A victim of savage drugs violence in Motherwell claimed in court he didn’t know who slashed him – despite telling police the alleged attacker’s name three times.
Van driver Frank Murdoch (54) needed specialist hospital treatment for serious facial injuries after he was assaulted during an early hours rendezous.
At first he told police officers that 31-year-old James Moody was the man who had taken a knife to his face and robbed him of his car.
Murdoch also picked out his alleged attacker from a book of police photographs and at a video identification parade.
However, by the time his trial came round at Hamilton Sheriff Court last week he had changed his tune, claiming that Moody had nothing to do with the assault and that two other men whom he couldn’t identify were responsible.
His about turn forced the Crown to ditch the prosecution, meaning Moody, who had been on remand at HMP Addiewell, was free to leave.
He had denied assaulting Murdoch to his severe injury, permanent disfigurement and permanent impairment, and robbing him of his vehicle, near flats in Merry Street on November 29 last year.
Solicitor Stephen MacBride had lodged a special defence of incrimination, blaming the attack on “two men known to the accused only as John and Thomas”.
Murdoch told Lisa Lann, prosecuting, he suffered a cut to his eye, two black eyes and a burst lip, and lost front teeth.
Asked what happened to him, Murdoch said he couldn’t sleep and decided to go for a drive in his Audi Estate about 3.30 in the morning.
He told the court: “I was going to see somebody. I was going to get something for myself. I went to Addie Street in Motherwell, but a person, James Moody, phoned me and said it was the wrong address.”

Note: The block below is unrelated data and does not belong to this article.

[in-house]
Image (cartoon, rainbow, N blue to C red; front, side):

Murdoch told Ms Lann that he didn’t really know Moody and, in fact, hadn’t even met him before that night. He was told to go instead to flats in Jerviston, a neighbourhood he didn’t know.
The witness went on: “I picked up James Moody. I think he stays in one of the flats there. I went to drop him off. I was there for a minute or so then a couple of guys came to the driver’s door, opened it and pulled the keys out of the ignition. Then they set about me.
“Moody was still in the passenger seat. He wasn’t doing anything but the other two were battering me and one of them had a Stanley knife.
“I didn’t get a look at the two guys because it happened that fast. I got out of the car and ran to a petrol garage and the girl there phoned an ambulance and the police.”
Ms Lann pointed out that Murdoch had taken an oath to tell the truth and wondered why the evidence he was giving in court differed from three statements he’d made to the police in which there was no mention of two unidentified men.
Murdoch replied: “I was away getting drugs for myself. I didn’t want my wife and daughter to know so I gave a different story.
“I picked out James Moody because I actually thought he had set me up to get a tanking.
“Later I found out that Mr Moody had got my car back. He told someone where the car was and that the other two people were going to burn it out. He stopped them from doing it.”
Asked by the fiscal if he still thought Moody was involved in the attack on him, Murdoch answered: “No.”
At this, Ms Lann told the court the Crown would be leading no more evidence and a formal not guilty verdict was returned.